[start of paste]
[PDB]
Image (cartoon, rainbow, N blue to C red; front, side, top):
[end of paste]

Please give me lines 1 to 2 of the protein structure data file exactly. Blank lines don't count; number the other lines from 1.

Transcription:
[PDB]
Image (cartoon, rainbow, N blue to C red; front, side, top):